“It’s been over sixty years,” Level 7 Representative Howard Wainwright, protested to the Gulliver Station Manager, Egan Cavenaugh. They were in the conference room reserved for the Council meetings. The room was plain, it had been given a new coat of the same boring beige, upon the appointment of Egan to the Station Manager’s position by his father, Art Cavenaugh, and the conference room table had been replaced but otherwise, the same art work hung on the walls.

Howard, Representative to the Station government for the richest residents of Gulliver Station had been getting an earful from one of the wealthiest and most excentric of the Level 7 elite, Gloria Rothschilde. She wanted a pet, a Chihuahua, to be exact, and station law forbade pets.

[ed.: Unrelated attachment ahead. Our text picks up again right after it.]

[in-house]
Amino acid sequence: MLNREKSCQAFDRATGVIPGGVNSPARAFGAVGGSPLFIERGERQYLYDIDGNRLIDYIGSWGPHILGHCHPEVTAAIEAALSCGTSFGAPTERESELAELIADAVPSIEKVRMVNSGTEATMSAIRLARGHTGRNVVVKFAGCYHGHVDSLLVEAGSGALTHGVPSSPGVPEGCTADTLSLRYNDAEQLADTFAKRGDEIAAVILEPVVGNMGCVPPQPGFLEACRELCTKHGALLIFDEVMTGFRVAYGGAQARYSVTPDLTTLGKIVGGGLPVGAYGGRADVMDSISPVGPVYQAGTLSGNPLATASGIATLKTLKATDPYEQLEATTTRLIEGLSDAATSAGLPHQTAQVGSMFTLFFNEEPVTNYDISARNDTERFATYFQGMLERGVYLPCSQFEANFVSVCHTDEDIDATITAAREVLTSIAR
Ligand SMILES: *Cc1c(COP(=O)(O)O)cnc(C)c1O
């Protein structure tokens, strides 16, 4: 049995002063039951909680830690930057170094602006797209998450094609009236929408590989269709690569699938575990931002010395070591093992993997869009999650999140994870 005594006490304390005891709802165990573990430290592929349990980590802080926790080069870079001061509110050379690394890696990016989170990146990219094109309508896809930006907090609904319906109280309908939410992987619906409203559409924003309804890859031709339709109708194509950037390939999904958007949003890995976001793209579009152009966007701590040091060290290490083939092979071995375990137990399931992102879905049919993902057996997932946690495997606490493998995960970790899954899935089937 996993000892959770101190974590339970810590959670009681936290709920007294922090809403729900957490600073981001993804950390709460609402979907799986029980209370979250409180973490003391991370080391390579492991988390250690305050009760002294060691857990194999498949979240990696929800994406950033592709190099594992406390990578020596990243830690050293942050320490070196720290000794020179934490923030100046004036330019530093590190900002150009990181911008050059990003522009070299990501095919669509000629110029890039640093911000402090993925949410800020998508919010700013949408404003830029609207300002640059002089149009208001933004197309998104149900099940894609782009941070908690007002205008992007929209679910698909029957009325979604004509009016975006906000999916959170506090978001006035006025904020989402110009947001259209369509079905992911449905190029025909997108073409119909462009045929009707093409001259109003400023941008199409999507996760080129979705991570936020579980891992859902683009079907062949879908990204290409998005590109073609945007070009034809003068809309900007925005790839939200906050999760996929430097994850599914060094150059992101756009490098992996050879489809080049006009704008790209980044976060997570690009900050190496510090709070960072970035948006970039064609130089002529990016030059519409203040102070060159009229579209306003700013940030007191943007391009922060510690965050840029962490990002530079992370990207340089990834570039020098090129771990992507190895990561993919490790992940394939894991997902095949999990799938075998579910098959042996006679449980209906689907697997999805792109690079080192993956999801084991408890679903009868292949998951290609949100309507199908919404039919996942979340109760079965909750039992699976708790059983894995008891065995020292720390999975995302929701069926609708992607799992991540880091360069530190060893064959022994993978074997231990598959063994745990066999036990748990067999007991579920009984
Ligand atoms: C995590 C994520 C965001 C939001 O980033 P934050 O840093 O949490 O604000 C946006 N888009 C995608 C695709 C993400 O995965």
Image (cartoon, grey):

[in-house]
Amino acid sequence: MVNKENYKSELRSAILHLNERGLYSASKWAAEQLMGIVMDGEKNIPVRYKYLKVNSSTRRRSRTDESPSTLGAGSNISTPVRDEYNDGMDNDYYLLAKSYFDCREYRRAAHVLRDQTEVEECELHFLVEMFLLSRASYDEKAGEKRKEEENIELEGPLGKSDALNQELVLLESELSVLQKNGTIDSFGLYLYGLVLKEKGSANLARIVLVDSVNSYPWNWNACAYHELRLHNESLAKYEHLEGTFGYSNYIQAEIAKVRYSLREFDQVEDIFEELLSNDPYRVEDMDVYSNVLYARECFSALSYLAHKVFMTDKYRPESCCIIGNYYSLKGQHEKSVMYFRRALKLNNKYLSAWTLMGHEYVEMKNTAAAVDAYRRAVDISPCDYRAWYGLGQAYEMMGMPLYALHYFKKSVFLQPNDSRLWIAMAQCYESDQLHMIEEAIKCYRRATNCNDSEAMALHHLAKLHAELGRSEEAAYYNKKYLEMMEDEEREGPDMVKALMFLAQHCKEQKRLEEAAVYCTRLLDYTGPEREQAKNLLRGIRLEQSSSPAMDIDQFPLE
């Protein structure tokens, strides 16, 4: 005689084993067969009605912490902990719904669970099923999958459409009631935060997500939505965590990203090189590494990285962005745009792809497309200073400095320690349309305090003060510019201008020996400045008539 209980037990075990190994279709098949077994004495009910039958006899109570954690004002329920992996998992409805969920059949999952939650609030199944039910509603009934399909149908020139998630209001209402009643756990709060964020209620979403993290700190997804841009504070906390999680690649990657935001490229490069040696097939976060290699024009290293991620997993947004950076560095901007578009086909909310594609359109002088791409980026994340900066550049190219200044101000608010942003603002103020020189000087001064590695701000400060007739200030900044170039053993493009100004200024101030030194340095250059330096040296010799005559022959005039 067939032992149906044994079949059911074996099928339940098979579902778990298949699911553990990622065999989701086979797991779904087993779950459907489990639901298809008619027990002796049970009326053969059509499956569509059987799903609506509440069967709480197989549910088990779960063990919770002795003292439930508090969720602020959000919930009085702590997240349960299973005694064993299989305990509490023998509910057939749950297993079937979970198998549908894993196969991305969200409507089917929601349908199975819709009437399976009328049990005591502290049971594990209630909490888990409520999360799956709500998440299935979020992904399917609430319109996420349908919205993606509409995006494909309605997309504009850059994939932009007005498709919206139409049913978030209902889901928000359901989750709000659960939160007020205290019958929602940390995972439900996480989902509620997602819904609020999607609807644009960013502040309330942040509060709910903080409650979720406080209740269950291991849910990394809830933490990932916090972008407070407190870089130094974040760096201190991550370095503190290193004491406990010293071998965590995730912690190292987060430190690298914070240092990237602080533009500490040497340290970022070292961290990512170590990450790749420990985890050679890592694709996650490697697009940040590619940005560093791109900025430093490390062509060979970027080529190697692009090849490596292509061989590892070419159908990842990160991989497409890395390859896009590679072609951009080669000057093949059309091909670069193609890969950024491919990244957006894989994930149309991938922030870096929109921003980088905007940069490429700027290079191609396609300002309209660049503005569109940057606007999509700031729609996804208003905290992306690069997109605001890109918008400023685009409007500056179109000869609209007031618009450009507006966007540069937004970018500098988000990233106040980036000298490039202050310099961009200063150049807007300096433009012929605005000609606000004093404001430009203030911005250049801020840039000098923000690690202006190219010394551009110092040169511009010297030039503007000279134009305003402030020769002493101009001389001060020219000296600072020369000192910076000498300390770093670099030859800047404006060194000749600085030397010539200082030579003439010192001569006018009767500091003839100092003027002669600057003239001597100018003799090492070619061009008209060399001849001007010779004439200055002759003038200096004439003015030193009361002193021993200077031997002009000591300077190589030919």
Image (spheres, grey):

“You know why the law is in place, Howard,” Egan sighed. “No one on the station has pets. They consume water and air and place an undue burden on the waste recycling systems.”

The Level 3 Representative, Megan O’Malley, spoke up. “Until we can find homes and work for the Displaced on the station, we shouldn’t be importing useless creatures that negatively impact the station.” The homeless situation was primarily a Level 3 issue and Megan, newly elected by her Level, had the Dispossessed on her mind. Something had to be done to find these people apartments and jobs.

“Don’t be ridiculous, Megan,” Level 5 Representative Ian Patrick interrupted. “The Disposessed situation has no bearing on whether or not the station should allow pets.”